The Financial Industry Regulatory Authority (“FINRA”) recently proposed a change to Rule 12403 of the Code of Arbitration Procedure for Customer Disputes to the Securities and Exchange Commission. FINRA’s proposal is that Rule 12403 be amended to (i) increase the number of public arbitrators on the list that FINRA sends parties to arbitrations with three arbitrators during arbitrator selection from 10 to 15 arbitrators and (ii) increase the number of strikes that a party may make to the public list in that situation from four to six strikes.
FINRA’s rationale for the proposed amendment is that when parties strike all of the non-public arbitrators (arbitrators with an industry affiliation) from the list of 10 possible arbitrators in three-arbitrator cases, FINRA fills the panel with selections from the two 10 person lists of public arbitrators and “[i]n doing so, there is a likelihood that FINRA will appoint an arbitrator who the parties accepted, but ranked lower on the public or chair-qualified public lists.” According to FINRA, claimants strike all non-public arbitrators in nearly seven out of 10 cases. As a result, the parties are functionally choosing three arbitrators from 20 candidates (instead of thirty candidates) a large amount of the time. To remedy this solution, FINRA’s proposal would increase the number of potential public arbitrators from which the parties may choose, while proportionally increasing the number of strikes available to the parties.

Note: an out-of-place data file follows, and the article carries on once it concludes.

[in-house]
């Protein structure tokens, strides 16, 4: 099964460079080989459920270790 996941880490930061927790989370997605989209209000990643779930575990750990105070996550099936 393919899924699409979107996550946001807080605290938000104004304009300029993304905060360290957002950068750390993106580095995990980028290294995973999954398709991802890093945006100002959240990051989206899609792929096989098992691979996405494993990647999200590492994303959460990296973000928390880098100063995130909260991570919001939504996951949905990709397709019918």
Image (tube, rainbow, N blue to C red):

If the SEC approves the proposed amendment, FINRA will announce the effective date of the rule change in a regulatory notice within 90 days of approval and the effective date will be no more than 60 days after the publication of the regulatory notice.